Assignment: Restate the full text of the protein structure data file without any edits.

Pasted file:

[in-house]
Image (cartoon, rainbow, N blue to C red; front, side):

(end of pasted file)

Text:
[in-house]
Image (cartoon, rainbow, N blue to C red; front, side):